April 18, 2016
According to a new report by the Organisation for Economic Co-operation and Development (OECD) and the European Union's Intellectual Property Office released this week, the top countries whose companies had their intellectual property rights infringed by seizures were the United States, whose brands or patents were affected by 20% of the knock-offs, then Italy with 15%, and France and Switzerland with 12% each. Japan and Germany stood at 8% each followed by the UK and Luxembourg.
The report "Trade in Counterfeit and Pirated Goods: Mapping the Economic Impact" puts the value of imported fake goods worldwide at US$ 461 billion in 2013, compared with total imports in world trade of US$ 17.9 trillion. Up to 5% of goods imported into the European Union are fakes. Most originate in middle income or emerging countries, with China the top producer.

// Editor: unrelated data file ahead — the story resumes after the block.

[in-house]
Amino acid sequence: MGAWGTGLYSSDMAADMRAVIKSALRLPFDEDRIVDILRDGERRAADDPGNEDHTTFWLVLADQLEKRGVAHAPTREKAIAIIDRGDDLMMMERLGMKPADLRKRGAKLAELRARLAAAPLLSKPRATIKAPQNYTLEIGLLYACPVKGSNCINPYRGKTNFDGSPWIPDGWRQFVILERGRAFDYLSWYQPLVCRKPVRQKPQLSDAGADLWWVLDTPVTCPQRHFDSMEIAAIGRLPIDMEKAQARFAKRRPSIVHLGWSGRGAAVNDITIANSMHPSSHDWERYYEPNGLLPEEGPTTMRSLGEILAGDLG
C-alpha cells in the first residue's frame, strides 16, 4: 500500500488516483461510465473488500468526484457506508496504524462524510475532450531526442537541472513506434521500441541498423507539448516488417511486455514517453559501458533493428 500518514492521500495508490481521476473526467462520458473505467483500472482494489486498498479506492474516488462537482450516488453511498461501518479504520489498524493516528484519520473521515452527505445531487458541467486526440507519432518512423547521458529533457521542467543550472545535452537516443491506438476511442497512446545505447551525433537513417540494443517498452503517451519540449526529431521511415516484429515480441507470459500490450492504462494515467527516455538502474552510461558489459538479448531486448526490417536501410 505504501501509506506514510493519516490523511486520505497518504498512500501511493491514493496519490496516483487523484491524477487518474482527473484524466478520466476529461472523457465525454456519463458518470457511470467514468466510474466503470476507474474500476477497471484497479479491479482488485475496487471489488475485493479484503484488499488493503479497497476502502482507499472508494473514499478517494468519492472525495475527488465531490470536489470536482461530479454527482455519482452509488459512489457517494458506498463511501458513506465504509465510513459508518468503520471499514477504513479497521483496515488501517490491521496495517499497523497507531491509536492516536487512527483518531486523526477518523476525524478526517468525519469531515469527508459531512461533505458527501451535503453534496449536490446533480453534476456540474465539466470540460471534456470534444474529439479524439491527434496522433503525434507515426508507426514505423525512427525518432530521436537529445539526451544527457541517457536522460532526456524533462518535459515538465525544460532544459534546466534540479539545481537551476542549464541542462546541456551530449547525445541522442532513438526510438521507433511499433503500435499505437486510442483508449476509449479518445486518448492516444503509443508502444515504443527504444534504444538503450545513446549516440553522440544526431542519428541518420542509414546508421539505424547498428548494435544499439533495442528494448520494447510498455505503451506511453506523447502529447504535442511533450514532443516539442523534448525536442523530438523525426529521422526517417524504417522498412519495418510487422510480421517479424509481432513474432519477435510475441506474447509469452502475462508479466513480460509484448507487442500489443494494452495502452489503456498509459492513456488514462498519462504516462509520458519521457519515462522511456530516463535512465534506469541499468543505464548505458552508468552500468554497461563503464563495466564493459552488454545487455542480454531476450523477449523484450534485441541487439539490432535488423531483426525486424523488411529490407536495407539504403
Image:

The report analyzes nearly half a million customs seizures around the world over 2011-13 to produce the most rigorous estimate to date of the scale of counterfeit trade.
Fake products crop up in everything from handbags and perfumes to machine parts and chemicals. Footwear is the most-copied item though trademarks are infringed even on strawberries and bananas. Counterfeiting also produces knockoffs that endanger lives - auto parts that fail, pharmaceuticals that make people sick, toys that harm children, baby formula that provides no nourishment and medical instruments that deliver false readings.
Postal parcels are the top method of shipping bogus goods, accounting for 62% of seizures over 2011-13, reflecting the growing importance of online commerce in international trade.